“Curse you, Red Baron!” This is what Charlie Brown’s dog, Snoopy, said following a dogfight with the Red Baron. This though flashed through my mind this afternoon while out with Hera and Nos for a run. Hera is my three year old Brittany and Nos is my friend Jason’s six year old German Wirehaired Pointer. Jason, his wife Fran and their daughter Rose are away for the weekend and I am helping mind Nos in their absence. Both Hera and Nos are friendly, well-socialized dogs, though Nos, as an unfixed male, needs a firm hand at times to stay out of trouble. Don’t get me wrong, Nos does not look for trouble, but if another dog comes looking to make trouble, Nos does not back down. Hera is by far tougher than the three Brittanies I owned before her. That said, however, she backs down if another dog is looking for trouble. I hope most of the dogs we come across on our daily runs are friendly and well-socialized too, but you cannot count on this always being the case.
This afternoon the run went fine as we made our way along the familiar route. Jason and I run our dogs on a patch of parkland along the Rideau River in the south end of the city. Nos had fun playing ball and both dogs cooled off in the river. Toward the end of the run we made our way to the ruin of an old wharf where Nos likes to jump into the river after his ball. Unfortunately, there was a young couple there already with two dogs: one, a black and tan mixed breed, the other a Rottweiler. The black and tan mixed breed was not friendly and confronted Nos, growling and baring its teeth. Nos knows the route and got to the wharf ahead of me. When I arrived, the young man and woman had their hostile mixed breed under control, trying to calm it. I stepped in calmly and ordered Nos away from the scene. Hera bounded up, looking to meet the new dogs, but I ordered her away from the scene also. I was not taking any chances. To their credit, the young couple stayed calm, I think they know their dog has issues, and handled the situation commendably. It took them a few moments to get both their dogs on leash and head home with them. I smiled at them as they went on their way.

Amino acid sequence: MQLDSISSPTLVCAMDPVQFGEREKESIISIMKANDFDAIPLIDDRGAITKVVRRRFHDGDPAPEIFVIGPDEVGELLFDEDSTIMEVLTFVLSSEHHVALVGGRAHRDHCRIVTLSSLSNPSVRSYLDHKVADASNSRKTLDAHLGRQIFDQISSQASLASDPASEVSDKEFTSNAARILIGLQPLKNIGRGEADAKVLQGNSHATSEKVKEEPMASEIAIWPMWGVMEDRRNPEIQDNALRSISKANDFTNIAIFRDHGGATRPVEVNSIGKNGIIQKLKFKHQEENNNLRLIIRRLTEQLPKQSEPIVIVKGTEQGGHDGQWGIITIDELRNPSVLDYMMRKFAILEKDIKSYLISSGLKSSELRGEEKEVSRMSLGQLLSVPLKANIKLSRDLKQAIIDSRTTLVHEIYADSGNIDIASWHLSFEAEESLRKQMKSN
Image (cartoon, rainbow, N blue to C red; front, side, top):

I was fortunate this time that a dog fight did not erupt and that the owners of the problem dog were reasonable people. The outcome of this scene might have been very ugly otherwise. This is one of the realities when you are a dog owner, whether your dog is a working gun dog like Hera and Nos, or a house pet. I hope my good fortune continues and I never have to deal with an all out dog fight and dog owners with a disposition worse than their dog’s.
Posted by Geoffrey
I remember many years ago meeting someone who referred to ruffed grouse as “ruffled grouse” to which I quipped, “I’ve know a few grouse to be ruffled.” I was thinking of this moment on September 20, 2015, day two of the small game season in Eastern Ontario. I got up at 0700, had breakfast and made ready for a morning hunt for ruffed grouse and hares with my friend and hunting buddy, Jason Quinn. The weather was near perfect for an early season hunt in the uplands; it was sunny and cool, about 11 degrees Celsius, with a light northwest wind. Hera was excited when she saw me bring up my upland hunting gear. I brought my Winchester 20 gauge double barrel (side-by-side) for the morning hunt. The first time I brought it into the field following a repair to the stock. Jason Spencer, a local gunsmith I turn to for maintenance and repairs to my guns, skillfully replaced a piece of the stock that got knocked out the season before.